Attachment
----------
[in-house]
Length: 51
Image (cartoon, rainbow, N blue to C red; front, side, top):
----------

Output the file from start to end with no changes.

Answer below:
[in-house]
Length: 51
Image (cartoon, rainbow, N blue to C red; front, side, top):